SINGAPORE — Singapore’s state investment company Temasek said Tuesday the net value of its portfolio reached a record high in the financial year that ended March 31.
In its annual report, the investor said its portfolio grew to 381 billion Singapore dollars (around $283 billion) as of end-March. That’s compared with 306 billion Singapore dollars a year ago, when the size of Temasek’s portfolio fell for the first time since 2016.
The portfolio expansion came as Temasek’s one-year shareholder return jumped to 24.53% in Singapore dollar terms, the company said. Returns were 7% over a 10-year period and 8% over 20 years, it added. Those returns took into account all dividends paid to Temasek’s shareholder, minus any capital injections.
Temasek is owned by the government of Singapore.
During the financial year, Temasek invested 49 billion Singapore dollars and divested 39 billion Singapore dollars — record numbers on both counts.
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Temasek is an active equity investor in both the public and private space. The company invested mainly in Singapore companies in its early days, but has turned into a major global investor in recent years.
The company — a closely followed investor — has invested in major regional internet start-ups such as Singapore-based Sea and Indonesia’s GoTo Group. It also has a stake in German biotech firm BioNTech, which developed a Covid-19 vaccine with American pharmaceutical giant Pfizer.
Regulatory risks in China
More than 60% of the assets held by Temasek’s portfolio companies are in Asia, with Singapore and China as the top two markets in the region.
Temasek’s exposure in China includes holdings in tech giants Tencent and Alibaba, which recently came under tighter regulatory scrutiny as Beijing moves to rein in monopolistic business practices.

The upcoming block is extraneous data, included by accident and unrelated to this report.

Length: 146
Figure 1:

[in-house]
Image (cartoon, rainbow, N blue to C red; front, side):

We remain very optimistic on China, we remain very bullish around the growth prospects of China and the technology opportunities.
Joint head for telecom, media and technology at Temasek
Mukul Chawla, Temasek’s joint head for telecommunications, media and technology, told CNBC that regulatory risks are not unique to China.
“We remain very optimistic on China, we remain very bullish around the growth prospects of China and the technology opportunities,” said Chawla, who’s also joint head for North America.
“The changing regulatory environment … is one of the risks we need to consider, we’re faced with regulations not just in China but other parts of the world as well. So it doesn’t change our stance in any meaningful way,” he told CNBC’s Sri Jegarajah after Temasek released its annual report.
Digitization is a major focus for the Singapore state investor. Temasek said that financial services remained its portfolio’s largest segment, but its investments in the space has evolved over the last decade from mainly banks to include fintech and payments.
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